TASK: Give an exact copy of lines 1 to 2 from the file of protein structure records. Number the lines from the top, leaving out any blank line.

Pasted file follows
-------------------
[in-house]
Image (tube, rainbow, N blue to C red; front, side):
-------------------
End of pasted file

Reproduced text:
[in-house]
Image (tube, rainbow, N blue to C red; front, side):